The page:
When the United States National Development Program was started in 1996, it was the dream of promising Americans.
The idea is to showcase the best talent around the country in a succinct way, showcasing elite players that might not be given the same recognition if they were normally distributed. It took a while for things to start again, with the United States not winning a medal at a major event until they won gold at the 2002 Under-18 World Championships, but they has been the team to beat in the international arena ever since.
That makes it easy for them to watch the show every year, even if the talent level fluctuates. This year, there is no elite talent to talk about – that will come next year – but there is still some great talent this year. So much so that the show had one of the best starts in franchise history, holding a 19-3-0 record over the weekend. They mainly compete against college and USHL teams, so achieving results like this is remarkable.
The most notable player at the moment is striker Will Smith. He overcame opponents at the Under-18 Five Nations in Plymouth, and led all NTDP Under-18 players with 43 points from 22 games. That’s nothing to belittle – an 80-point campaign looks likely, which should land him in some Pretty good company. He started the season as a mid-round player but was quickly praised by scouts as a potential top five pick.
Smith is an excellent scorer, can make fake passes better than anyone and is continuing to prove himself as one of the best passers in the draft class. Smith handles the ball with confidence, delivers a quick wrist shot, and can execute the best of them all. One concern of mine, however, is how quiet he might be if his teammates don’t get the job done. I’m not saying Smith needs good bandmates to produce, but he can float around at times, which leaves him a bit frustrated. However, Smith’s game is filled with skill and a team that needs a reliable center who can win a lot of confrontations and can attack on their own will be exhilarating to land Smith. .
Then there’s Ryan Leonard, another central person. He is the team’s top scorer, playing at a goal-per-game rate of just under 20 games. As an advanced sniper, Leonard possesses a shot that combines great speed and accuracy that allows him to take it down quickly without hesitation. When there is space in the power play, he can make his shot fly completely and he can keep his net in physical situations. The younger brother of potential Nashville Predators, John Leonard, has professional pedigree written all over him and must be a solid second-tier scorer in the NHL.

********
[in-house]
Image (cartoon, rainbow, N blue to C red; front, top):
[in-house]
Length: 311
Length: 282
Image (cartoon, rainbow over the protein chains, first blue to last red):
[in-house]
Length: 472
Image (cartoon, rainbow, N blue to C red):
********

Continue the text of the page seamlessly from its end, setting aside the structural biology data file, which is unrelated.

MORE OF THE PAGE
Oliver Moore is another man many expect to go through in the first round. Moore’s offensive output is a bit more muted than other top prospects, but he’s a quick two-way player who could make it into the NHL’s sixth team. He is full of energy with fast strides and high footwork in tight spaces. As a result, Moore wins a lot of puck fights and he can play against anyone on the squad with the same results. If the University of Minnesota forward doesn’t turn out to be a senior score producer, his value as an energy forward will present him with plenty of opportunities.
There are several other notable American strikers, such as Ryan Fine, Will Vote, Alex Weiermair and Danny Nelson. But the last one we will mention here is Gabe Perreault, the son of former NHL center Yanic Perreault. When Gabe comes into his game, he can be an unstoppable force on this level. Perreault’s ability to think faster than his opponents will get him far, even if his game is a bit off the ball.
On the blueline, it’s a bit mixed. But one defender that has received a lot of praise recently is Aram Minnetian. The blueliner attacker had an excellent Five Nations tournament with eight points and is really starting to look comfortable. He spent a lot of time as a striker in his youth, and you can tell by the way he engages and helps drive the plays. Minnetian does an excellent job of diving straight into the ice and his high attack IQ allows him to find teammates through his peripheral vision, which can be very deceiving. Minnetian will have no problem finding a role in the NHL one day after he finishes his studies at Boston University.
It will be interesting to see how the two goalkeepers of the team align in the future. Trey Augustine has a near-perfect record this year and was the first U.S. starter at the Under-18 World Championships as an underage last year. He’s only lost once on regulation in 21 games of his career and has all the important goalkeeper attributes – except size. He’s 6 feet-1 tall, still pretty small by NHL standards. However, as long as he can make up for that, he will get the manuscript’s attention. On the other hand, there’s Carson Musser, who’s 6 foot-4. His numbers aren’t as great as those of Augustine, and he doesn’t sit high on many draft boards. However, Musser still feels raw and may have untapped potential.
It’s still very early days, but a safe assumption could see around 12-14 USNTDP players selected this year. The five of them – Smith, Leonard, Moore, Minnetian and Perreault – didn’t need to wait too long. They will be easily the gold medal favorites at the U-18 World Championships in April and will continue to play great hockey this year. It’s not the strongest class we’ve seen, but it’s a solid one and one with many quality NHLers in the future.
But next year, look out for Cole Eiserman and James Hagens. They will be game changers.